Special Needs Parenting: When Your Husband Doesn’t Get It

The owner(s) of this blog is not compensated to provide opinion on products, services, websites and various other topics. The views and opinions expressed on this blog are purely the blog owners. If we claim or appear to be experts on a certain topic or product or service area, we will only endorse products or services that we believe, based on our expertise, are worthy of such endorsement. Any product claim, statistic, quote or other representation about a product or service should be verified with the manufacturer or provider. This blog does not contain any content which might present a conflict of interest. The owner(s) of this blog is not compensated to provide opinion on products, services, websites and various other topics. The views and opinions expressed on this blog are purely the blog owners. If we claim or appear to be experts on a certain topic or product or service area, we will only endorse products or services that we believe, based on our expertise, are worthy of such endorsement. Any product claim, statistic, quote or other representation about a product or service should be verified with the manufacturer or provider.

25348468_10155692539550255_6160062793875713494_n

Time Matters

I spend almost every minute of my waking life caring for my kids. Sometimes, it goes well. Sometimes it doesn’t. But I have had loads of time, and so much trial and error, to study my son’s behaviors, to learn his triggers, to craft his routine, and to meet with all of his doctors and therapists to figure out the best way to help my son learn to cope and live. My husband has maybe two hours every day plus weekends with the kids due to busy work schedule.

The reality is that I am the primary care giver. He is not. It is unrealistic for me to expect that he would know how to do this. I don’t even know how to do this, and I am in it all day, every day.

Divide and Conquer

We have made the most progress, in gaining a better shared understanding of our son, when we have intentionally divided and conquered. I know it seems counter intuitive doing separate things in order to feel more connected, but this has really worked for us.  It makes us both feel like the other is contributing to a very difficult situation. And it makes us a team.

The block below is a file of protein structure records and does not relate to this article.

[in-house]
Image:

We Are So Different

So, so different. ridiculously different. The way we approach our schedules, what we like to eat, how we like to spend our free time, we are two very different people. These differences are part of our marriage. And I can see how they make us both better.

I think this means I shouldn’t be surprised, when my husband responds to the kids differently than I do. I don’t have to like it, but I do need to recognize that this is a part of who he is. He is more laidback than I am. He is more prone to be the fun parent and the big kid with both Andrew and Arwyn, while I am the dictator, and stickler about discipline and ABA therapy and practices for Andrew.

Sometimes he messes up. Sometimes I mess up. When we give each other grace in parenting, even with our different approaches, our children fare better. So, do we.

that brings me to my most important point –

It’s About the Two of Us

Our marriage is about us. Not the kids. No matter how much our day-to-day involves our children, Andy and I are married.  Not man, wife and two kids that require a lot of care. What I have tried to communicate to Andy, and I would encourage other spectrum moms to do the same, is that when he acts goofy or acts like a big kid himself when he needs to discipline the kids or checks out and leaves me to deal with all the tough stuff, it hurts my heart as his wife – not as the kids’ mom.

For me, the worst part about being the primary care giver, is having my husband  being too busy with work stuff or understand how tough it is (or in some instances, make caring for my son more difficult by not following the ABA therapy suggestions to the T like I do.  I think for Andy, it is the feeling that I am aligning myself with the kids, and not with him.

The only way I have found to combat this (and believe me, we are terrible at it most of the time), is to lean in and not pull away. It’s seeking the other, wanting to try to get back on the same page,

apologizing, forgiving, admitting that we suck at this, and agreeing to give each other grace, repeatedly.

Marriage is easy on paper.

It’s the living, day in and day out, that complicates it, especially while raising a child on the spectrum.

index

Leave a Reply

%d bloggers like this: